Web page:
Verizon responded by saying, in effect, we were so simpatico with New York City that we didn’t have put all that in writing, and threatening to leave the market

Verizon has the option of opening negotiations for a renewal of the Agreement in July. Unfortunately, the City’s intransigence does not create a favorable environment for such negotiations. We would urge the City not to make it impossible for Verizon to continue to provide New York City residents with a competitive alternative to cable TV.

It’s certainly true that landlords can and do block access to competitive broadband companies. San Francisco has taken a different approach and outlawed the practice. That’s yet to be tested in court, though.

Charter is ripping off Internet subscribers, says NY attorney general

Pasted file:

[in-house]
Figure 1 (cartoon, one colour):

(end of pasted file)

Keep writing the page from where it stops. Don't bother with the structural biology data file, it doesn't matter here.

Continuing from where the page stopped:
by Steve Blum • , , ,

Time Warner Cable executives deliberately under provisioned and over promised Internet service to its subscribers in the State of New York and Charter Communications is allowing the practice to continue, claims New York attorney general Eric Schneiderman in a lawsuit filed earlier this week. It’s a follow on to an investigation kicked off in 2015.

Charter purchased TWC in May 2016. It took over operation of systems and customer equipment that couldn’t delivered speeds that were advertised or that customers purchased and “even now, [Charter] continues to offer Internet speeds that we found they cannot reliably deliver”, Schneiderman alleges. TWC went so far as to rig speed tests run by the Federal Communications Commission, according to the lawsuit